Our results showed that remdesivir would have made available up to 7,880 beds in general wards and 2,000 ICU beds for other patients at the peak of the occupancy rates, respectively. Therefore, this new drug would have relieved the pressure on hospitals and the SNHS, due to the pandemic. Furthermore, remdesivir would have implied a 27.51% reduction (95% CI: 14.25% − 34.07%) in deaths due to COVID-19 during the first wave in Spain. It should be noted that a multi-country, open-label randomized trial developed by the WHO showed that remdesivir was not effective in reducing the mortality rate in hospitalized patients with COVID-19 (RR = 0.95 [95% CI: 0.81–1.11], p = 0.50) . Although this conclusion differs from previous evidence, it should be noted that our results refer to those patients who require low-flow oxygen therapy (a National Early Warning Score [NEWS] of 5) , according to the pharmacological protocol used in the SNHS . In addition, the SOLIDARITY trial compared the efficacy of remdesivir in patients with or without mechanical ventilation, regardless of the oxygen delivery system (e.g. low-flow or high-flow devices) .
Our study has some limitations that need to be addressed. First, due to the lack of information about the clinical status of COVID-19 patients, we assumed that 76.1% of hospitalized patients with pneumonia required supplemental oxygen, according to the US records . Nevertheless, a group of experts agreed that this percentage was similar to the clinical practice in Spain. Second, we considered that hospitalized patients who require mechanical ventilation, high-flow oxygen devices, or ECMO are assisted in the ICUs in Spain. Although this practice is widely spread, the management of COVID-19 patients may differ in some Spanish regions. Third, since there are no real-life studies about the efficacy of remdesivir in our country, we assumed the results of the ACTT-1 trial. Fourth, although we considered official sources, our results may be biased due to notification delays and the overwhelmed healthcare system. Fifth, given that the reduction of mortality rates by age group in patients receiving remdesivir was not estimated in the ACTT-1 trial, we estimated the number of prevented deaths by age group using the reduction in the mortality rate for the whole population of the trial. Sixth, since the potential impact on mortality due to the controversial use of other drugs, such as IL6 inhibitors, is unknown, it has not been considered in our study.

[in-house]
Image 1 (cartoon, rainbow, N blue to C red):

Despite of these limitations, the main contributions of our study are: 1) the assessment of the healthcare resources used during the first wave of the pandemic (in terms of occupied beds in general wards and ICUs) in Spain and 2) the potential number of beds available in general wards and ICUs, if remdesivir would have been used for the treatment of COVID-19. Our results showed that this new drug would have avoided almost half of the ICU admissions, so it would have reduced the pressure on the public system, providing a more efficient use of resources. Consequently, in the following waves of the pandemic, although the preventive measurements have reduced the burden of COVID-19 for the SNHS, as well as the death toll , remdesivir will reduce even more the use of healthcare resources, while avoiding preventable deaths.